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Inside this issue:

Medical Humanities

1-3

Meet the Division

3

DME Activities & Pro- gram Calendar

4

There is a pervasive hesitancy for doctors to show the same humanity to Themselves that they show to patients.

of

the

Departments

and

the

University

Published

by

the

Volume 17, Issue 1 January 2006

Division

of

Medical

Ethics

Hospital

of of

Internal Medicine at LDS Utah School of Medicine

Medical Ethics in Utah

Medical Humanities meets The Impaired Physician

“Despite all our grand societies, memberships, fellowships, specialty colleges, each with its an- nual dues and certificates and ceremonials, we are horribly alone. The doctor’s world is one where our feelings—particularly those of pain, and hurt—are not easily expressed, even though

patients are encouraged to express them. trust our colleagues, we show propriety and ciprocity, we have the scientific knowledge,

We re- we

learn

empathy,

but

we

rarely

expose

our

own

where medicine intersects with the humanities to work collaboratively on health care dilemmas. This article focuses on just one of Dr. Jones’ en- gagements-- the Resident Conference—where she brought her medical humanities perspective to the problem of physician impairment. Dr. Jones tells us that in addition to having a personal impact, medical humanities can transform the culture of medicine and provide an intuitive cultural change for the larger community.

emotions. There is a

silent but terrible

collusion

to

cover up

pain,

to

cover

up

depression;

there

is

a

fear

of

blushing, a del quality

machismo that destroys us. The Cita- to medical training, where only the

fittest survive, creates the paradox empathetic physician…who shows

of the humane, little humanity

to himself…And so leagues is whisked particulars emerge, idea.’”

it is, when one of away, to treatment, the first response

our col- and the ‘had no

Abraham Verghese, The Tennis Partner,1 p.341

Among the many and varied activities of Therese (Tess) Jones, Ph.D., during her post- Thanksgiving visit, were her contributions to LDS Hospital’s Resident Medical Ethics Con- ference: Impaired Health Professionals: What to Do When Colleagues Need Help. At this ses- sion, she recommended reading the true story, The Tennis Partner,1 written by her colleague Abraham Verghese, M.D, that tells of his deep friendship with an intern who battled—and lost to—cocaine addiction. Dr. Jones is Associate Director of the Center for Medical Humanities and Ethics at the University of Texas Health Sci- ence Center in San Antonio, Texas. Dr. Verghese is Director. (He was also our 1999 Cowan Memo- rial Lecturer). Dr. Jones has designed and imple- mented a longitudinal, integrated humanities cur- riculum for the University of Texas School of Medicine. Those who were fortunate to meet her—at Grand Rounds, in her visits to courses, and at Physician, Student, and Women in Medi- cine Literature and Medicine discussion groups—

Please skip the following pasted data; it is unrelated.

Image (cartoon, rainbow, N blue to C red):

were consistently impressed with her depth and 16 breadth of ideas and insights about how and

At Risk Doctors: Healers as Patients At any one time, 15% of doctors will be impaired, unable to provide optimal care to patients due to physical or mental illness, including alcoholism, substance abuse, the effects of stress, and physi- cian incompetence.2 It is now, in the months of November, December, and January, that physi- cians in training historically face their greatest risk for depression. Tess Jones argues that impaired doctors are differ- ent than impaired stockbrokers: the personality characteristics that draw people into medicine of- ten pre-dispose them to substance abuse and de- pression. This is not to say that there is any one unifying personality “type” or explanation impli- cated in who is most at risk—although family his- tories of alcoholism, substance abuse, or depres- sion suggest genetics as contributing factors in 40- 60% of cases.3 It is to suggest that the rigorous resident training that encourages sleep deprivation and lengthy work shifts pushes many doctors into work habits that injure and impair them. These habits may result in destroyed marriages and other relationships, premature death or retirement. Ex- haustion and sleep deprivation may minimize ef- fective capabilities that are then combined with maximum responsibilities--expectations of flaw- less performance in situations where a misdiagno- sis might result in suffering or even death. Given this stressful medical training, it is not surprising

that Dr. Verghese,

in

doctors

with

addiction,

his experience studying found consistently that it

was not euphoria physicians sought, from the dysphoria of their existence. ing trends of suicide and depression, 4

but relief Disturb- as well as

substance abuse in the medical community challenged educators to reform. The July

have 2003

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